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An economic bubble developed in the New Zealand stock market starting in 1984.

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New Zealand recorded the highest casualties per head of population of any combatant nation during World War I, when 100,000 served and 17,000 were killed.

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New Zealand's landscape has appeared in television series such as Xena: Warrior Princess.

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New Zealand once had about 20 times more sheep than people; by 2001 there were only 12 times as many.

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New Zealand aligned itself with the allied nations in World War I, World War II, and the Korean War.

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New Zealand was initially administered as a part of the colony of New South Wales.

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Christianity is the predominant religion in New Zealand, although nearly 40 percent of the population has no religious affiliation.

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The country has the distinction of being the only one outside the U.S. to hold multiple America's Cup races, but lost the cup in 2003 to a Swiss team (with a New Zealander skipper).

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New Zealand dismantled its air combat capability in 2001.

The history of New Zealand dates back at least 700 years to when it was discovered and settled by Polynesians, who developed a distinct Māori culture centred on kinship links and land. The first European explorer to sight New Zealand was Dutch navigator Abel Tasman on 13 December 1642.

A small island nation home to around 4.5 million people located in the Pacific Ocean, New Zealand is famous for its national rugby team, its indigenous Maori culture and its picturesque landscape.Apr 23, 2015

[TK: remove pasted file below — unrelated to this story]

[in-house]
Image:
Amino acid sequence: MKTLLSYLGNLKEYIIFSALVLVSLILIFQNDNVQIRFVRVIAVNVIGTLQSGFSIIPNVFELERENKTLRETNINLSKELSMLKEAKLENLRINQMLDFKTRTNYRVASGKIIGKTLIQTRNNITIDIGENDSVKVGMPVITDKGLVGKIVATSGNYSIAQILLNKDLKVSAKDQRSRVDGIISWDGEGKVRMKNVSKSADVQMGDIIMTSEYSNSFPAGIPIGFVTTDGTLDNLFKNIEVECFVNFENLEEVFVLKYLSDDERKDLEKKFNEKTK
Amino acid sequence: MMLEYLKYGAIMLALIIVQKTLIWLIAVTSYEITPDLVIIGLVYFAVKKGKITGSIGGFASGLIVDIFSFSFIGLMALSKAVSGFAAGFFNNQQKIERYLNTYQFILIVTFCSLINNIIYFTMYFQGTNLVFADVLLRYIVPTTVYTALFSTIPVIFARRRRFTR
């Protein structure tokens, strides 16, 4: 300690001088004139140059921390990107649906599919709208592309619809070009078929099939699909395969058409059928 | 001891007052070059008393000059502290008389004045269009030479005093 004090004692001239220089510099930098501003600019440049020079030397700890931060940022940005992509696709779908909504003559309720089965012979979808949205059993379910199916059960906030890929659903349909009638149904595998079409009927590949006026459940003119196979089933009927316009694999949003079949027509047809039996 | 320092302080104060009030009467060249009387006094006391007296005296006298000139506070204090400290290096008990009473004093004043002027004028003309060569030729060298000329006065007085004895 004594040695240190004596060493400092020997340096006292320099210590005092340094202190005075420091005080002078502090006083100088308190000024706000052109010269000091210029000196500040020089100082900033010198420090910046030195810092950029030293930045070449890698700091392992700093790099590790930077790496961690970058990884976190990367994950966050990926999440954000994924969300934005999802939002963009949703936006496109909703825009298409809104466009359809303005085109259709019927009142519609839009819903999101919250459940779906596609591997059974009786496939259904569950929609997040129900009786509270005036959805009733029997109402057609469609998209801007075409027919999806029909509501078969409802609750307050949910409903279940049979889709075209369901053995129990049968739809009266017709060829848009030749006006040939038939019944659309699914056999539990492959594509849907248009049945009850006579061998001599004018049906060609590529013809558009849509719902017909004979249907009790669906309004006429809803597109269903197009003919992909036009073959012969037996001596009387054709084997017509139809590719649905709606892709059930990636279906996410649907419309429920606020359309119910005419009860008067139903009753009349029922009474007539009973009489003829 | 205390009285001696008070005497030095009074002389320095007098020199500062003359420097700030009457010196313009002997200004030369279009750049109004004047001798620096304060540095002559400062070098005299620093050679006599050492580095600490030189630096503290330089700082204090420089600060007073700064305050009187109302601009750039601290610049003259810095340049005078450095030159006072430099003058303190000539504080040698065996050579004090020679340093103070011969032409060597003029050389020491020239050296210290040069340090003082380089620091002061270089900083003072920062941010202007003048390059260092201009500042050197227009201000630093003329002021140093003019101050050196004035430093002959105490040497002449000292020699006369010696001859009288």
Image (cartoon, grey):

Maori Language Terms. New Zealand is a bilingual country and Te Reo is our other national language. It's not as widely spoken as English but you might hear some of these words come up in conversation... Kia Ora (key-or-a) – hello, goodbye, thank you.

Succulent and tender, roast lamb is a Kiwi favourite. New Zealand lamb is held in high esteem throughout the world and is one of the country's top export meats. Best enjoyed flavoured with rosemary and plenty of seasonal veggies, roast lamb is a meal that is sure to impress.

For dishes that have a distinctly New Zealand style, there's lamb, pork and cervena (venison), salmon, crayfish (lobster), Bluff oysters, whitebait, paua (abalone), mussels, scallops, pipis and tuatua (both are types of New Zealand shellfish), kumara (sweet potato), kiwifruit, tamarillo and pavlova, the national ...

Spaghetti on toast. ... Kiwifruit. ... Lamb. ... Hokey Pokey ice cream. ... Manuka Honey. ... Anzac biscuits. ... L&P. L&P is a drink that originated in the small New Zealand town of Paeroa. ... Pavlova. Pavlova is a New Zealand dessert best described as a big meringue cake topped with fresh fruit and cream.More items...

Here are our favourite New Zealand produced drinks and general drinks that New Zealand does well.L&P. You thought this was going to be all alcoholic beverages didn't you? ... Marlborough Sauvignon Blanc Wine. ... Apple Cider. ... Craft Beer. ... Coffee. ... Mulled Cider. ... water. ... Speight's Beer.More items...

Sport in New Zealand largely reflects its British colonial heritage, with some of the most popular sports being rugby union, rugby league, cricket, football (soccer) basketball and netball which are primarily played in Commonwealth countries.